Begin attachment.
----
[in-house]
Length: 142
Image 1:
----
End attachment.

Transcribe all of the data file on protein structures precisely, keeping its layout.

[in-house]
Length: 142
Image 1: